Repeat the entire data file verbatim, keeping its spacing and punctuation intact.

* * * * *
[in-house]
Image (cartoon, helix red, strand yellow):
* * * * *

[in-house]
Image (cartoon, helix red, strand yellow):